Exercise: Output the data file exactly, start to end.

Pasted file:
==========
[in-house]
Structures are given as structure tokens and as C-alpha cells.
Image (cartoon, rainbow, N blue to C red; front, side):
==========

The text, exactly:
[in-house]
Structures are given as structure tokens and as C-alpha cells.
Image (cartoon, rainbow, N blue to C red; front, side):